Unpaid time off is one way employers are trying to make ends meet in the recession while avoiding, reducing or at least delaying layoffs.
But furloughs are a far cry from vacations. You’re too worried to spend money going anywhere, but just hanging around the house can give you too much time to think–and worry even more.
If you’ve been furloughed, here are some ideas for making the most of your time off:
Create your layoff plan. Don’t stick your head in the sand: Your company’s in serious trouble if it’s furloughing workers. Review your finances and look for ways to build up your emergency fund. If there’s an expense you’d cut if you were laid off, trim it now and bank the extra cash. Read my “Survival Guide for the Unemployed” for tips about handling the worst if it happens.
Get serious about online networking. Build your profile on at least one professional networking site such as LinkedIn or Plaxo. Reach out to former colleagues, friends, old classmates. Many people find jobs not through their nearest and dearest but from “weak” connections: acquaintances, friends of friends. The bigger your network, the better your chances of uncovering your next great position.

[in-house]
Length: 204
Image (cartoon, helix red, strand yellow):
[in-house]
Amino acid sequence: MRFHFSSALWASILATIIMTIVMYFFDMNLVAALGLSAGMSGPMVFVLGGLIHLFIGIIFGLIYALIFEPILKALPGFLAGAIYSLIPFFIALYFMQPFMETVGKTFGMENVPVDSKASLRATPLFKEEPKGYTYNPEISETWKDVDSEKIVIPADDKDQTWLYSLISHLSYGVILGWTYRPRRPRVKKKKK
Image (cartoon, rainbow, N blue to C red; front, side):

Network offline, too. Check out professional or social organizations that might help you expand your sphere. Consider volunteering, not just for the contacts but for the sense of gratitude you’ll get. Resume expert Tony Bashera recommends writing down the name and number of every single person you know as a kind of master networking sheet, then working your way through it to let folks know you’re looking for your next post.
Build up some goodwill. Keith Ferrazzi’s book “Never Eat Alone” is the best networking book I’ve read, and he emphasizes the importance of doing good deeds for others without direct expectation of rewards. Write a glowing recommendation for someone, tell someone else about a job prospect, encourage someone who’s feeling down. This stuff is easy to put off in the rush of a typical workday but is so essential to building a strong network–and feeling good about yourself.
Tackle a (reasonable) home repair or improvement project. Survey your abode and make a list of all the projects you haven’t had time to tackle because you’ve been working too hard to save your job. Then pick the tasks that will give you the best payoff in money saved, money earned or sheer satisfaction. You could declutter the house and sell the excess in a yard sale, for example, or catch up on all those little painting and repair jobs to save yourself the cost of a handyman. Read “5 things it’s cheaper to do yourself” for more ideas.
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